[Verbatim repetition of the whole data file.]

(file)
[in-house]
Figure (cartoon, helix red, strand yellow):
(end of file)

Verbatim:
[in-house]
Figure (cartoon, helix red, strand yellow):